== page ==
Although the recording process can be a matter of capturing everything that has already been decided musically in the best way possible, there is always that chance that some aspect of the song or the arrangement could be improved. Indeed, when a song is constructed in the studio, which is a common production method, then experimentation is absolutely essential. It is often the producer's job to say, "Why don't you try this?" Or even, "Why don't you try...?", in which case you're asking the musician to do something that you can't imagine yourself. Quite often what comes out of the experiment isn't useful. But if you try ten ideas and get one that works, you're on a winning streak. Indeed, if it isn't the case that many of the experiments are not working, then you're not experimenting enough!

Creative use of equipment

Although recording is mostly about performance, creative use of the equipment can play an important part. This could be using a tube microphone to achieve a warm characterful sound. Or a complex chain of compression, delay and other effects could be set up to allow a musician to react to what they hear. There are two important points to remember however - the first is not to make things worse. A tube microphone might sound lovely and warm while you're recording, but when you come to mix you might find clashing consonants printed into the recording that you can't fix. You need to hear these problems in the studio and correct them before things go any further. The second point to remember is that musicians can get bored while engineers are 'playing' - as they can perceive it - with the equipment. A good producer will pay attention to the mood of the musicians and if necessary move things along so that they are always well-motivated to perform at their best.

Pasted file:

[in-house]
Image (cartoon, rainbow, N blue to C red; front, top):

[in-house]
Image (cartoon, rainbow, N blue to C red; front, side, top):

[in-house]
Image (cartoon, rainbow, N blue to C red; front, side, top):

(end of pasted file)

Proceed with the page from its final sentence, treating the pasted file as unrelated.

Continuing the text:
One last point - when you get to 30 minutes before it's time to start packing up, now is the time to consider whether you have captured everything you need to. When the musicians have gone home and the studio has closed its doors for the night, there will be no going back, at least not without extra trouble and cost. So think now. If you have indeed recorded everything you needed to, is there one thing that could be improved? What would make the greatest difference to the recording if you could improve it in these last 30 minutes?

In summary, recording is probably the most interesting part of the production process. Getting the musical performances to be the best they possibly can be is the most important thing to consider. Technically, you need to record to a professional, 'no faults' standard. But the success or failure of your recording as a commercial enterprise will stand or fall on the music.